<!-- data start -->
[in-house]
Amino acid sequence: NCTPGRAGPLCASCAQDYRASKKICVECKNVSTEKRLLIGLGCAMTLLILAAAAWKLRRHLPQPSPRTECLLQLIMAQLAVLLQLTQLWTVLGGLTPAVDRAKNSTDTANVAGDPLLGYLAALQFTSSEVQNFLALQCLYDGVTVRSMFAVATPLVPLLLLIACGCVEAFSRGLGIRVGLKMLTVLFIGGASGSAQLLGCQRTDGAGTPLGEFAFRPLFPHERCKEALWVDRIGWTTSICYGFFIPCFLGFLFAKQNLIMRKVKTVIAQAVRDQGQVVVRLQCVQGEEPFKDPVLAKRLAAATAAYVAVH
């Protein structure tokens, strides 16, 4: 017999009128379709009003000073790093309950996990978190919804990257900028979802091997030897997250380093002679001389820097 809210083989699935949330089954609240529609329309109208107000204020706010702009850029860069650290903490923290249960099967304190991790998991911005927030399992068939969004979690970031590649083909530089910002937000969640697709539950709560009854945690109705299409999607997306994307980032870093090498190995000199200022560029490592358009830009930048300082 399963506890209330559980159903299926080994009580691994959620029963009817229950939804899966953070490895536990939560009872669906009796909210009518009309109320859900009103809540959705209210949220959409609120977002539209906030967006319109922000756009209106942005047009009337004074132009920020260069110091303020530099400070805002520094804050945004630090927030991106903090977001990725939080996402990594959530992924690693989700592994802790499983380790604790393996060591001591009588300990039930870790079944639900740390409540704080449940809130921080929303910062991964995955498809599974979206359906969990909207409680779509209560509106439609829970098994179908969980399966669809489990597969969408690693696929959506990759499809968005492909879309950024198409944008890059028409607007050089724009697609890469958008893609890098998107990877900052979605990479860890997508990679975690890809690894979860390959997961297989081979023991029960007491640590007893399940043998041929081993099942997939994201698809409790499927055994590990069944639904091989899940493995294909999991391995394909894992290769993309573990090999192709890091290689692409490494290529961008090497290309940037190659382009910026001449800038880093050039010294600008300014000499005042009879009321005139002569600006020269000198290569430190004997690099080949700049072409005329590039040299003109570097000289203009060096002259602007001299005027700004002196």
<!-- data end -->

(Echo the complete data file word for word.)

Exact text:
[in-house]
Amino acid sequence: NCTPGRAGPLCASCAQDYRASKKICVECKNVSTEKRLLIGLGCAMTLLILAAAAWKLRRHLPQPSPRTECLLQLIMAQLAVLLQLTQLWTVLGGLTPAVDRAKNSTDTANVAGDPLLGYLAALQFTSSEVQNFLALQCLYDGVTVRSMFAVATPLVPLLLLIACGCVEAFSRGLGIRVGLKMLTVLFIGGASGSAQLLGCQRTDGAGTPLGEFAFRPLFPHERCKEALWVDRIGWTTSICYGFFIPCFLGFLFAKQNLIMRKVKTVIAQAVRDQGQVVVRLQCVQGEEPFKDPVLAKRLAAATAAYVAVH
């Protein structure tokens, strides 16, 4: 017999009128379709009003000073790093309950996990978190919804990257900028979802091997030897997250380093002679001389820097 809210083989699935949330089954609240529609329309109208107000204020706010702009850029860069650290903490923290249960099967304190991790998991911005927030399992068939969004979690970031590649083909530089910002937000969640697709539950709560009854945690109705299409999607997306994307980032870093090498190995000199200022560029490592358009830009930048300082 399963506890209330559980159903299926080994009580691994959620029963009817229950939804899966953070490895536990939560009872669906009796909210009518009309109320859900009103809540959705209210949220959409609120977002539209906030967006319109922000756009209106942005047009009337004074132009920020260069110091303020530099400070805002520094804050945004630090927030991106903090977001990725939080996402990594959530992924690693989700592994802790499983380790604790393996060591001591009588300990039930870790079944639900740390409540704080449940809130921080929303910062991964995955498809599974979206359906969990909207409680779509209560509106439609829970098994179908969980399966669809489990597969969408690693696929959506990759499809968005492909879309950024198409944008890059028409607007050089724009697609890469958008893609890098998107990877900052979605990479860890997508990679975690890809690894979860390959997961297989081979023991029960007491640590007893399940043998041929081993099942997939994201698809409790499927055994590990069944639904091989899940493995294909999991391995394909894992290769993309573990090999192709890091290689692409490494290529961008090497290309940037190659382009910026001449800038880093050039010294600008300014000499005042009879009321005139002569600006020269000198290569430190004997690099080949700049072409005329590039040299003109570097000289203009060096002259602007001299005027700004002196």